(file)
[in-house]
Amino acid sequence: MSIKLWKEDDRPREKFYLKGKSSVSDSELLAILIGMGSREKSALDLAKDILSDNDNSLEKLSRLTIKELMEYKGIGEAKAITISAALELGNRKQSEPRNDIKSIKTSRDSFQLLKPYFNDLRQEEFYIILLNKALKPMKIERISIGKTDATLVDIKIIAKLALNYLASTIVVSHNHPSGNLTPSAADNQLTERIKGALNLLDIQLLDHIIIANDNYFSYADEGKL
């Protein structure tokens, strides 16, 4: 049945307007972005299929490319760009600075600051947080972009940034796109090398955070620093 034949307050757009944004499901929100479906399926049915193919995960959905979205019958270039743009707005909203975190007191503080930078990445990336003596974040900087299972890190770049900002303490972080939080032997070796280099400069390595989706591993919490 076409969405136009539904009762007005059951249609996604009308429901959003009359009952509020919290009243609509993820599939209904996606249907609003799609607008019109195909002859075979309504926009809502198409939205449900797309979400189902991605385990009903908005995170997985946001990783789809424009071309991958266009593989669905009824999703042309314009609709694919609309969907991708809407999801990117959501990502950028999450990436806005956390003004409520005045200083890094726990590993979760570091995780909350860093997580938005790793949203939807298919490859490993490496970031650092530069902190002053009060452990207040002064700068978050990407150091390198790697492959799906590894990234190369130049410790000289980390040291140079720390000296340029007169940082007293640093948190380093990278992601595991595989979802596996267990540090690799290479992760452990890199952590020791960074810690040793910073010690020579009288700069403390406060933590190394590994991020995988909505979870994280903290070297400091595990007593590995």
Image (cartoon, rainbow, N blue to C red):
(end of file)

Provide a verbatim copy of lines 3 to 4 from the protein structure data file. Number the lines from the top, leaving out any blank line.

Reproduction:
């Protein structure tokens, strides 16, 4: 049945307007972005299929490319760009600075600051947080972009940034796109090398955070620093 034949307050757009944004499901929100479906399926049915193919995960959905979205019958270039743009707005909203975190007191503080930078990445990336003596974040900087299972890190770049900002303490972080939080032997070796280099400069390595989706591993919490 076409969405136009539904009762007005059951249609996604009308429901959003009359009952509020919290009243609509993820599939209904996606249907609003799609607008019109195909002859075979309504926009809502198409939205449900797309979400189902991605385990009903908005995170997985946001990783789809424009071309991958266009593989669905009824999703042309314009609709694919609309969907991708809407999801990117959501990502950028999450990436806005956390003004409520005045200083890094726990590993979760570091995780909350860093997580938005790793949203939807298919490859490993490496970031650092530069902190002053009060452990207040002064700068978050990407150091390198790697492959799906590894990234190369130049410790000289980390040291140079720390000296340029007169940082007293640093948190380093990278992601595991595989979802596996267990540090690799290479992760452990890199952590020791960074810690040793910073010690020579009288700069403390406060933590190394590994991020995988909505979870994280903290070297400091595990007593590995």
Image (cartoon, rainbow, N blue to C red):